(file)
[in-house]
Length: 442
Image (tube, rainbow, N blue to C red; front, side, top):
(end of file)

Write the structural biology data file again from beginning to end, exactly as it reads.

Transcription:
[in-house]
Length: 442
Image (tube, rainbow, N blue to C red; front, side, top):